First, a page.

# Thread: Use the formal definition to prove that the following sequence diverges

1. $\displaystyle s_n=\left(\frac1n-1\right)^n$

My attempt:

For large $n$, the sequence oscillates between $e^{-1}$ and $-e^{-1}$ and therefore diverges. Now for the proof.

Assume, for the sake of argument, that the sequence converges to $L$.

$\exists N\in\mathbb{N}$ such that $|s_n-L|<0.1$ whenever $n\ge N$

$\displaystyle\left|\left(\frac1n-1\right)^n-L\right|<0.1$ whenever $n\ge N$

$\displaystyle\implies\left|\left(\frac1{n+1}-1\right)^{n+1}-L\right|<0.1$ whenever $n\ge N$

We can rewrite these 2 equations as

$\displaystyle\left|(-1)^n\left(1-\frac1n\right)^n-L\right|<0.1$ whenever $n\ge N$ --------------- (1)

$\displaystyle\left|(-1)^{n+1}\left(1-\frac1{n+1}\right)^{n+1}-L\right|<0.1$ whenever $n\ge N$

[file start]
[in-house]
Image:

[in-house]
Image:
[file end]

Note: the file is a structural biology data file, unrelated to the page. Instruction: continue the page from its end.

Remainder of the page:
$\displaystyle\implies\left|(-1)^n\left(1-\frac1{n+1}\right)^{n+1}+L\right|<0.1$ whenever $n\ge N$ --------------- (2)

How do I get a contradiction from equations (1) and (2)?

2. Originally Posted by Alexmahone
$\displaystyle\left|(-1)^n\left(1-\frac1n\right)^n-L\right|<0.1$ whenever $n\ge N$ --------------- (1)

$\displaystyle\left|(-1)^{n+1}\left(1-\frac1{n+1}\right)^{n+1}-L\right|<0.1$ whenever $n\ge N$

$\displaystyle\implies\left|(-1)^n\left(1-\frac1{n+1}\right)^{n+1}+L\right|<0.1$ whenever $n\ge N$ --------------- (2)

How do I get a contradiction from equations (1) and (2)?
If it is known that $(1-1/n)^n\to1/e$, then you can reason as follows. Suppose $|(1-1/n)^n-1/e|\le0.1$ for all $n\ge N$ (we can achieve this increasing $N$ if necessary). Then (1) with an even $n$ implies that $|L-1/e|<0.2$ and therefore $L>1/e-0.2>0$ and (2) implies that $|(-L)-1/e|<0.2$ and therefore $L<-1/e+0.2<0$, which is a contradiction.

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